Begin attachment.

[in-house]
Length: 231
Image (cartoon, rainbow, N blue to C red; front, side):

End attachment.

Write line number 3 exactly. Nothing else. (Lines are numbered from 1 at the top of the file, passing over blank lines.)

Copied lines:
Image (cartoon, rainbow, N blue to C red; front, side):